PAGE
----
Watch an ISP prove why banning encryption won’t work in under 5 minutes
With this week’s announcement of the draft Investigatory Powers Bill, communications privacy has been put up against the wall.
Among the various reactions – from positive remarks about the inclusion of judiciary oversight to cries against steps towards legitimising mass surveillance – was the opinion that the bill seeks to undermine the effectiveness of encryption.
One of the dissenting voices speaking against Theresa May’s surveillance plans was Adrian Kennard, owner of the internet service provider (ISP) Andrews & Arnold. At the time, Kennard wrote a blog post about the potential impractical nature of ISPs logging customer data. Now, a video has surfaced from earlier in the year in which Kennard shows that sending secret messages is incredibly hard to stop.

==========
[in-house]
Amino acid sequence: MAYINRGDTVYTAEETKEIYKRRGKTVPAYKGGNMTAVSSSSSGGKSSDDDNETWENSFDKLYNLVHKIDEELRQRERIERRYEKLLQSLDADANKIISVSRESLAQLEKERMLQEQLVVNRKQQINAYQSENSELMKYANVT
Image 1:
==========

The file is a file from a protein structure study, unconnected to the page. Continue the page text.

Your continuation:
Contemporary encryption may be tangled up with computers, but, as Kennard neatly demonstrates, its roots are firmly placed in the pre-digital world.
“This isn’t about technology. It’s about privacy,” says Kennard in the video. “You could ban every app, every computer program, every system and it would still be possible for people to send a message that’s secret and cannot be read by anyone else. Even a child could do it.”